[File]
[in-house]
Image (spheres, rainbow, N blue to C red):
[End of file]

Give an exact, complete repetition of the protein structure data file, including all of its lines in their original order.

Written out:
[in-house]
Image (spheres, rainbow, N blue to C red):